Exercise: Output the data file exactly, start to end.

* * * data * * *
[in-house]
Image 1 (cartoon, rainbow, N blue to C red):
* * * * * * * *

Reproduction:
[in-house]
Image 1 (cartoon, rainbow, N blue to C red):